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Genesis Breyer P-Orridge: Loyalty Does Not End With Death
  • Tiarney Miekus

3 Mar 2018
The SUBSTATION 2 Feb - 10 Mar 2018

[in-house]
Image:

Over the last five decades English artist, musician and poet Genesis Breyer P-Orridge has become the kind of person that others seek out. For some it might have been during the early 1970s when P-Orridge, and h/er involvement with performance art collective COUM Transmissions, was gathering attention for making use of soiled tampons, blood and milk enemas, urine and hypodermic needles (eventually there were parliamentary inquiries). Maybe it was the mid-1970s when P-Orridge was busy becoming one of the godparents of industrial music via Throbbing Gristle. Or perhaps the moment of resonance came with the electronic pop of Psychic TV and their song 'Godstar,' which, as an homage to Brian Jones, saw devotees bring P-Orridge all kinds of intimate and strange Jones-related paraphernalia. The search could have been related to P-Orridge's worldwide artist collective (or religion or cult, depending how you see it) Thee Temple ov Psychick Youth, which at one point had 10,000 members (the dream may be over, but the manifesto is still on point: “THEE OBLIVION OV THEE OBVIOUS”). Or perhaps it was the later period when P-Orridge began h/er Pandrogyny Project with h/er late wife Lady Jaye, which saw the two lovers attempt to become a unified, third being, both spiritually and biologically.

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